The football action Friday night at Haskell Stadium split Lawrence friends and some families between red and black and green and white.
But it was the Free State High School faithful who came away happy after the Firebirds defeated the Lawrence High School Lions, 49-15.
"It's a huge accomplishment because LHS is our rival. To beat them by this much, it makes us all feel better," said Austin Bergstrom, a Free State sophomore.
As the game wore on, it became a blowout.
"At the beginning I thought we had a chance, but after awhile it got disappointing," said LHS sophomore Aimee Niedenthal.
The showdown, which has split the city since 1997, is a competition among students and friends who know each other fairly well or even once attended elementary or junior high school together.
"If we don't (win), it's just kind of embarrassing, and it's so built up, we make it a big deal," said Kristen Karlin, a Free State senior volleyball player, before the game.
"It just gives you that pride that you beat your crosstown rival," LHS senior soccer player Colin Flanders said before the game. His cousin took the field Friday for Free State.
Fans in their green or red mingled a little but mostly stuck to their own as they tailgated and awaited the kickoff.
"I think it's very healthy. It's always good to have a city rivalry, and having two high schools is kind of special in a town. You have it focused on the only two in town," John Heitshusen said.
He wore his Free State cap and sat with the Firebird fans but said his heart was split because two of his children graduated from LHS and one earned a diploma from Free State.
School administrators on each side have said they try to keep it a healthy and friendly rivalry.
Students and fans insisted the competition makes it nice to store up a win for bragging rights.
"It all depends if you win or lose," said Jamar Reese, a senior Free State basketball player. "We'll all be friends again by Monday."
"It's a big rivalry because we are two Lawrence schools, and LHS is better," said Lawrence High senior Kaley Houk.
Mark Shipley graduated from LHS in 1977, and he said having two schools made for a great atmosphere during a football game.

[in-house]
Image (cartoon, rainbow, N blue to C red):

"I think it's fun. It doesn't really get out of hand," he said. "It's all part of being 17 years old."
With heads butting on the field and Free State adding some graduating classes and years under its belt, the rivalry sometimes spills over.
Three LHS seniors - two boys and a girl - were found to have broken into Free State on Wednesday night. They took two state championship banners, which later were returned.
More about the City Showdown
- 6Sports video: Free State still perfect
- Tailgating with Free State, Lawrence High
- Talk of the town: City's high schools square off tonight for 10th crosstown rivalry (10-20-06)
- City Showdown no. 10 (10-19-06)
- Lions to face Firebirds in city showdown (10-20-05)
- High School Spodcasters: Local high school football coaches Dirk Wedd and Bob Lisher talk about the city showdown (10-17-06)
- Firebirds' fleet feet big concern for LHS (10-20-06)
- Woodling: Numbers give edge to FSHS (10-17-06)
- Lions' scare (10-22-05)
- Firebirds just shy (10-22-05)
The students were suspended and prohibited from attending any school-related functions, including Friday's game.
LHS Principal Steve Nilhas said at least one of the students was a member of National Honor Society and could be kicked out of the organization. He also said the incident went beyond an "innocent prank."
Some said the banner incident was all part of the rivalry.
"It's all in good fun. It's always been like that," said LHS senior Andrew Toyne.
Like a family feud, the other side disagreed - sort of.
"It would be funny if we did it to them, but I don't think it's funny they did it to us," said Karlin, a Free State senior.
While Free State was victorious on the field, some LHS fans tried to downplay it.
"After a couple of days, no one really thinks about it. We won last year, but it doesn't really come up much during the year," said LHS sophomore Ursula Rothrock.